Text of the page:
At seven weeks postpartum, you might be feeling more like your old self again, both mentally and physically. That said, there are still a handful of physical, mental, and emotional symptoms to look out for at this stage.
Read on for a rundown of what you might experience, along with tips for ensuring you get the self-care you need.
Every pregnancy and labor is unique, and the same goes for postpartum recovery. It took nine months to grow your baby in your belly, and sometimes, it can take just as long (or longer) for your body to fully heal.
Bladder and belly
A couple of months after childbirth, you might feel an urge to pee as frequently as you did while pregnant. On a similar note, it can take more than six weeks for your uterus to retract back to its normal size. It’s not uncommon to still look like you’re expecting, so don’t sweat it if you’re still most comfortable wearing maternity pants.
While your uterus may shrink back to close to its pre-pregnancy size, your pelvic floor may need some support to get strong again. Strengthening your pelvic floor can help with bladder, rectal, and sexual function. Learn more here.
Hair loss and skin changes
While you may have enjoyed a thicker mane during pregnancy, postpartum hair loss is normal. It can be alarming but is usually nothing to be concerned about and should subside within about 6 months of when it begins.
You might also notice some skin changes this week, like acne, dryness, eczema, or melasma (hyperpigmentation). Check in with your provider about any unusual symptoms that last longer than a few weeks.
Back strain is common among pregnant people, and it can stick around for a couple of months after childbirth while your loosened core muscles regain their strength. Coupled with holding your baby for hours a day, aches and pains are pretty standard at seven weeks postpartum.
Your mental health
Postpartum depression (PPD) is most common in the first eight weeks postpartum, but symptoms can arise later. You might feel hopeless, anxious, irritable, restless, or moodier than usual. Some people with PPD have trouble bonding with their babies, finding joy in new parenthood, or focusing on simple tasks.
Experiencing waves of emotions is normal for new parents. However, if your symptoms don’t go away within a couple of weeks, check in with your healthcare provider or call the Postpartum Support International hotline.
Your energy levels
The first few months of parenthood are undoubtedly exhausting. With late-night feedings, the stress of caring for an infant, and not being able to sleep for longer than a few hours at a time, it might feel nearly impossible to find the energy to tackle your to-do list.
Feel like you’ve been going non-stop but somehow didn’t accomplish any household tasks at the end of the day? This is normal for new parents, and it’s OK if you’re not as productive as usual. Try to go easy on yourself, rest when you can, and accept help from your loved ones when they offer it.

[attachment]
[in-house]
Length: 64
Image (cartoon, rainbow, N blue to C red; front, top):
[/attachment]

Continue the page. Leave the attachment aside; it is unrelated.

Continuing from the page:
Your baby is a top priority right now, but tending to your own needs is important too. Your pre-baby self-care might have been a bit more indulgent, whether it was bubble baths or binging on your favorite show uninterrupted. But this week, it might be as simple as going on walks, taking a daily shower, stretching for a few minutes every day, or getting back into a regular skincare routine.
Sex and intimacy
You’re most likely medically cleared for intercourse at this point, but that doesn’t necessarily mean you’re up for it. It can be hard to get into an intimate mindset while navigating your new identity as a parent — not to mention finding the time and energy.
If you have a partner, connecting with them is likely important to you, but there’s no rush to have sex just yet if you’re not feeling ready. There are many other ways to get quality time — even if it’s just watching a movie or going on family walks. It’s also possible to ovulate and get pregnant again before having your first postpartum period, so when you do have intercourse, be sure to have a plan for birth control if you could get pregnant from sex.
Returning to work
You might also be going back to work this week (or in the near future). Balancing your professional and family life can be overwhelming, especially if you’re commuting to a job and pumping during the workday. However, some new parents find it freeing. While there’s still a lot on your plate, temporarily switching gears from baby duty can be a welcome change. Honoring the way you feel as a new working parent is important, whether you’re feeling excited, regretful, or a little bit of both.
Reviewed by the Ovia Health Clinical Team
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- Dunn G, et al. Trajectories of Lower Back, Upper Back, and Pelvic Girdle Pain during Pregnancy and Early Postpartum in Primiparous Women. Women’s Health. 2019. doi:10.1177/1745506519842757.
- Office on Women’s Health (OASH). Postpartum depression. U.S. Department of Health and Human Services (DHS). 2019. Web.
- Alum AC, et al. Factors associated with early resumption of sexual intercourse among postnatal women in Uganda. Reprod Health 12, 107. 2015. https://doi.org/10.1186/s12978-015-0089-5
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